The Washington Post on Thursday published a story suggesting that the use of mobile devices is causing young people to sprout horns from their skulls. But a look at the scientific data behind the story finds that such a splashy takeaway is tenuous at best—and atrocious reporting at worst.
The Post’s story was primarily based on a study published back in February 2018 by two Australian researchers. It earned fresh attention last week after being mentioned in a BBC feature on how modern life is supposedly transforming the human skeleton. The study was published in Nature’s open-source journal Scientific Reports, which is supposedly peer-reviewed. But the study has significant limitations and flaws and the Post breezed over them for a sensationalized story.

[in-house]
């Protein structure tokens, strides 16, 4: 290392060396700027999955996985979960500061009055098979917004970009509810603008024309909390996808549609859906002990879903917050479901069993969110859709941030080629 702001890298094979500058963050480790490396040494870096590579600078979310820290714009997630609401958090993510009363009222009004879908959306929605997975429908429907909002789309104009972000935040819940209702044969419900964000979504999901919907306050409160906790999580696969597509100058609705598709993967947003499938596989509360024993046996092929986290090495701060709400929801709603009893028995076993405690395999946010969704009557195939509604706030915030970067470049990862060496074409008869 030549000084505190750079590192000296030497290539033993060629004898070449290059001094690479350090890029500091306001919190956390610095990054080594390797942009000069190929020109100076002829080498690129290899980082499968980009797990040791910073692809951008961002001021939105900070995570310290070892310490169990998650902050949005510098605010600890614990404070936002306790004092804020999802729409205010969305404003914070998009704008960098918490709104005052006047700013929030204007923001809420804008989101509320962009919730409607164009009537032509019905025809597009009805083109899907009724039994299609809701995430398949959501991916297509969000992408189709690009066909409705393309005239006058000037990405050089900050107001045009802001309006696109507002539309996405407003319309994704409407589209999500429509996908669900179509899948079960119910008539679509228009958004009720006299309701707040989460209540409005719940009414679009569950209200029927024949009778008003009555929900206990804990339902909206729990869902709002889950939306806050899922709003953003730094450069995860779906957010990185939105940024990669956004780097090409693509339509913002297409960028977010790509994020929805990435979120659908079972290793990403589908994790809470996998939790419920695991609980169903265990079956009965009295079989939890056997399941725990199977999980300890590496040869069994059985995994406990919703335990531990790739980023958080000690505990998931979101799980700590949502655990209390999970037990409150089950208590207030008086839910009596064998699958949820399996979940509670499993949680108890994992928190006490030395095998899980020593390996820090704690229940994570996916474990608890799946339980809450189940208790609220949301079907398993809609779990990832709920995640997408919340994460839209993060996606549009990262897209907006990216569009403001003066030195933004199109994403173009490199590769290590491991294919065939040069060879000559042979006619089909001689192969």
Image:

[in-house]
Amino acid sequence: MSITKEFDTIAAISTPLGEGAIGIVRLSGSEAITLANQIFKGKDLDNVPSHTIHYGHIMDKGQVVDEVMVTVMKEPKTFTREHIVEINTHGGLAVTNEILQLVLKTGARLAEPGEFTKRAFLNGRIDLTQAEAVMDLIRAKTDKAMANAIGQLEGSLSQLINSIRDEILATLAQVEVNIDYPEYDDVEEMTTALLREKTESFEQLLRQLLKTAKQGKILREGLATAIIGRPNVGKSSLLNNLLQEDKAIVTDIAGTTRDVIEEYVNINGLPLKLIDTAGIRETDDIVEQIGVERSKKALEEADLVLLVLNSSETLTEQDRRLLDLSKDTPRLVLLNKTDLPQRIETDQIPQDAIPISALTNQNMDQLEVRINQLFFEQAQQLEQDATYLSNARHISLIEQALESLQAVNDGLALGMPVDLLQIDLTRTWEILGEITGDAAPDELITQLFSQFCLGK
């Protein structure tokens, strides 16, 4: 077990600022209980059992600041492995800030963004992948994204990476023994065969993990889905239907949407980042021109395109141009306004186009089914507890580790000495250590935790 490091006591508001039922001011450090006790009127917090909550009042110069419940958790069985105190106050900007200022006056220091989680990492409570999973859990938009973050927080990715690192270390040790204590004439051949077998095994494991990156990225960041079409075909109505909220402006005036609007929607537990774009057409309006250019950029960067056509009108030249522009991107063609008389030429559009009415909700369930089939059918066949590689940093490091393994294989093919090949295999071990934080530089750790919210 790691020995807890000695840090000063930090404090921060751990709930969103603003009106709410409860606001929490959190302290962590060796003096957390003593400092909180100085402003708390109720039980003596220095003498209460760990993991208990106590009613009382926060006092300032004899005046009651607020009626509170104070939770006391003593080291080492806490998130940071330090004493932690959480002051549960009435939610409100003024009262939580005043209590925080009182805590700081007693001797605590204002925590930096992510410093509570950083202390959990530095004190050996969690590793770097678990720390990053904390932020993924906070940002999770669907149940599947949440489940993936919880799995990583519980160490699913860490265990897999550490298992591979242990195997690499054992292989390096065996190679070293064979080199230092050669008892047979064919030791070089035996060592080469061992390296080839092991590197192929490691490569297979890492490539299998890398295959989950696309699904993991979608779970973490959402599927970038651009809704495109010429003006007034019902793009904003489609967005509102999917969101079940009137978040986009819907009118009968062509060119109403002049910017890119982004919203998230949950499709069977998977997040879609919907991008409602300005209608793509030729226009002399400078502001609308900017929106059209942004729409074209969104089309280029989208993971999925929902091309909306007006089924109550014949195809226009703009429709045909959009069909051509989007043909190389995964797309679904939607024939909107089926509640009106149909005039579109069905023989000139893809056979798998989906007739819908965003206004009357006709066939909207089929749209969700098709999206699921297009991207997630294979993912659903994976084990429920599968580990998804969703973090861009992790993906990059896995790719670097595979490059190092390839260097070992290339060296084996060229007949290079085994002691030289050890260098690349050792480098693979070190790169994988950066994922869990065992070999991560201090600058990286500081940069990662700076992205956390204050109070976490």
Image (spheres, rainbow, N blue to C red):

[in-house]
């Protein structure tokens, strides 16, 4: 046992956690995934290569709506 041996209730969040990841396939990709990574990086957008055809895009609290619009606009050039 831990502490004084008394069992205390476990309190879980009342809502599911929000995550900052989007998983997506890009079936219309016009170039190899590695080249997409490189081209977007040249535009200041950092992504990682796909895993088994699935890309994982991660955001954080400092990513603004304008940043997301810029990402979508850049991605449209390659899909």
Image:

Perhaps the most striking problems are that the study makes